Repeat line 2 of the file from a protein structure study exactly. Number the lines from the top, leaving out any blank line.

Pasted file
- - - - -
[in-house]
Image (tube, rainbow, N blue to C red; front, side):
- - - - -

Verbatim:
Image (tube, rainbow, N blue to C red; front, side):